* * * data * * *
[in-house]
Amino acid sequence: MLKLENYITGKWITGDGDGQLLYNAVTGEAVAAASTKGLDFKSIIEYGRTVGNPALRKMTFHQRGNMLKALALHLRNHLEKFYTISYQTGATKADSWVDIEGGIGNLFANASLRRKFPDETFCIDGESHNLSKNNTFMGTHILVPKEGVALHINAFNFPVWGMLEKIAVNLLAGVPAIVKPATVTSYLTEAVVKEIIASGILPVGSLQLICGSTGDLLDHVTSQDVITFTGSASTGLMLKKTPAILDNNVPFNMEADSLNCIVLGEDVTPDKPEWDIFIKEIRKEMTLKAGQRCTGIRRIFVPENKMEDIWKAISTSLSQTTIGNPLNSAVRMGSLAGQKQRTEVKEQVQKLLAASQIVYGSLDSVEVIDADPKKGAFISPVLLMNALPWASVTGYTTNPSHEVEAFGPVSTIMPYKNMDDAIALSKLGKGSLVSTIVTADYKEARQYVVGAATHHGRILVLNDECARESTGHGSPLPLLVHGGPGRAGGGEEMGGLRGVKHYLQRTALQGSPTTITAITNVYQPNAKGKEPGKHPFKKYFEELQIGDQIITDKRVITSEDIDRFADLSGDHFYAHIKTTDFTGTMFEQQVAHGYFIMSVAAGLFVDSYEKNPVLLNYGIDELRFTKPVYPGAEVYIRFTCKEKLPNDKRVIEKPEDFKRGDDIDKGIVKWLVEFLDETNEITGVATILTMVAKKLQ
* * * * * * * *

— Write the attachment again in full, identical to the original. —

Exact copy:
[in-house]
Amino acid sequence: MLKLENYITGKWITGDGDGQLLYNAVTGEAVAAASTKGLDFKSIIEYGRTVGNPALRKMTFHQRGNMLKALALHLRNHLEKFYTISYQTGATKADSWVDIEGGIGNLFANASLRRKFPDETFCIDGESHNLSKNNTFMGTHILVPKEGVALHINAFNFPVWGMLEKIAVNLLAGVPAIVKPATVTSYLTEAVVKEIIASGILPVGSLQLICGSTGDLLDHVTSQDVITFTGSASTGLMLKKTPAILDNNVPFNMEADSLNCIVLGEDVTPDKPEWDIFIKEIRKEMTLKAGQRCTGIRRIFVPENKMEDIWKAISTSLSQTTIGNPLNSAVRMGSLAGQKQRTEVKEQVQKLLAASQIVYGSLDSVEVIDADPKKGAFISPVLLMNALPWASVTGYTTNPSHEVEAFGPVSTIMPYKNMDDAIALSKLGKGSLVSTIVTADYKEARQYVVGAATHHGRILVLNDECARESTGHGSPLPLLVHGGPGRAGGGEEMGGLRGVKHYLQRTALQGSPTTITAITNVYQPNAKGKEPGKHPFKKYFEELQIGDQIITDKRVITSEDIDRFADLSGDHFYAHIKTTDFTGTMFEQQVAHGYFIMSVAAGLFVDSYEKNPVLLNYGIDELRFTKPVYPGAEVYIRFTCKEKLPNDKRVIEKPEDFKRGDDIDKGIVKWLVEFLDETNEITGVATILTMVAKKLQ